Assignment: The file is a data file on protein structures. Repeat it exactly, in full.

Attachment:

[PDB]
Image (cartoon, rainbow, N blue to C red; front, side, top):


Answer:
[PDB]
Image (cartoon, rainbow, N blue to C red; front, side, top):